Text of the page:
Dead bug exercise for core stability

         2. Moving from the hips and not the spine

Once adequate stabilisation of the trunk is achieved, we can begin to learn how to hinge. A great first step to this is using a wall as a guide in the ‘wall tap hip hinge’.

Simply face away from a wall, standing around 30cm away. Then, engage the core as previously learnt, and push the bum backwards to lightly tap the wall before returning to standing. This small movement can help you to learn how to drive the hips back and forth without allowing the knees and spine to flex.

As you get better, move away from the wall inch-by-inch to increase the challenge.

Wall touch hip hinge


Upon mastering this, a broomstick or dowel rod can be used to reinforce this movement pattern without the aid of the wall. Take the rod and grip it behind your back. Hold it tight against the back of the head, the upper back, and the sacrum (base of the spine, at the top of the butt crack). Brace the core against the stick, and perform the same hinge movement without letting any of those three points lose contact.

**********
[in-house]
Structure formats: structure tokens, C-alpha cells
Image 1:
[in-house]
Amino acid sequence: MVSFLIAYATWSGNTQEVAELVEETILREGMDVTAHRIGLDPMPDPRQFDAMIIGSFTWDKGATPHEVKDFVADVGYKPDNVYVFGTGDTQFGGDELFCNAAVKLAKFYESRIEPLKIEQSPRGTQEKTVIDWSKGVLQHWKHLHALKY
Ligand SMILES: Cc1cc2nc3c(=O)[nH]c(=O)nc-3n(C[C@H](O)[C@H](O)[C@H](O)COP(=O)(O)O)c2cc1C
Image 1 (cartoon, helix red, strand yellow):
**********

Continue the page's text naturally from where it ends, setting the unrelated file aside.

Hip Hinge with a dowel rod


  1. Load the movement

Now the hip hinge pattern is developed, load can be added to increase the challenge. Any implement can be used, but a light kettlebell or empty barbell is a good place to start. Whatever you decide to use, the core and back should remain rigid throughout. If using a kettlebell, make sure to keep it close to the body by using the lats and other back muscles as you hinge over. When using a barbell, use these same muscles to keep the barbell touching your legs.

If at any point you feel the technique is off, or that your low back is bending, revert back to using the stick for a few sets before trying again.

Loaded Hip Hinge


Muscles Trained:

The hip hinge is a posterior chain dominant movement. This means it works the majority of the muscles on the back side of the body, so it’s a great all round muscle and strength builder.

The main muscles trained during the hip hinge are:

  • Gluteus maximus
  • Hamstrings (semitendinosus, semimembranosus, biceps femoris)
  • Erector spinae group
  • The ‘core’ (transverse abdominus, rectus abdominus, internal/external obliques)

When loading the movement and holding a weight in the hands, other muscles play a larger stabilising role. These include:

  • Latissimus dorsi (the ‘lats’)
  • Rhomboids


The hip hinge is a fundamental movement pattern that needs to be mastered before any real training can take place. This is due to the role it plays in a vast number of the exercises performed both inside and outside of the gym. Furthermore, it is one of the best movements for gaining strength, size and mobility throughout the posterior chain. This article has given you the tools and knowledge of how to perform a perfect hinge, so it’s time to get out there and give it a go!

Stay Strong and Move Well,

George Barker